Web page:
Apologies for the two-week absence. I had a great time visiting with my sister's children and spent so much time with them, I had no time for blogging and barely had time to teach summer school. I have since caught up with summer school prep and am ready to blog again. In the back of my mind during July has been emigration in the seventeenth century, a time period about which I know little. Tonight, is the first of several posts I have in mind on movement during this century.
While my ancestor Eric Anderson Kirby was fighting for Gustavus Adolphus, other Scots were turning tentative eyes towards North America. The first Scot to envision a colony of his countrymen was Sir William Alexander, the first Earl of Stirling. He knew that there was a New England, a New Netherlands, and a New France, so why not a New Scotland? He was well-placed at court, being a well-regarded and published poet as well as holding several positions within the Stuart household. The Stuart monarchs, James VI and I and Charles I, both were in favor of colonization schemes, both in Britain and the New World.
He received a charter for New Scotland in 1621. It included most of the modern Maritimes and the Gaspe Peninsula. The only catch was, not only the Native Americans who already lived there, but that the French also claimed this same territory as Acadia. Sir Alexander, like many who promoted colonization schemes in the early seventeenth century, faced many hardships. Raising capital, purchasing supplies, outfitting supply ships, and most importantly, finding colonists. However, he persevered because he thought that colonization would be good for Scotland - the colony would provide markets for Scottish goods and it would provide opportunity for "surplus" Scots who would not have to enlist in foreign armies.
Ultimately, Alexander's New Scotland was a failure. Very few colonists went in the first place. The most successful colonists arrived in New Scotland in 1629 (most of whom were probably English, not Scots) and they thrived for three years in the New World. Then geo-politics intervened in the form of a war between France and England. The Treaty of St-Germain-en-Laye of 1632 ceded the New Scotland to France. Now, you might wonder why Charles I, who had been born in Scotland and was King of Scots as well as King of England, would permit this. Stuart monarchs, once they also held the throne of England, routinely preferred and promoted the interests of the wealthier country, England.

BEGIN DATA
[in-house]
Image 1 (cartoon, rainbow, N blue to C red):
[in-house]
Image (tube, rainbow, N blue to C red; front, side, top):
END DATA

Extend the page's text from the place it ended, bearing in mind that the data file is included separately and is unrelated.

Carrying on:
Alexander maintained an interest in the New World until his death in 1640, when it is said there were more creditors than mourners at his funeral. New Scotland, better known as Nova Scotia, was contested territory for decades. In fact the English used the term Nova Scotia to stress imperial claims to the territory, especially after the Union of 1707. However, Nova Scotia and eastern Canada would not see significant Scottish settlement until the second half of the eighteenth-century.
Several accounts of the oft maligned William Alexander, Earl of Stirling have been written in the 370 years since his death. A recent one, and the one from which I drew this account, is by John G. Reid, entitled “Sir William Alexander and North American Colonization” in Essays on Northeastern North America, 17th & 18th Centuries.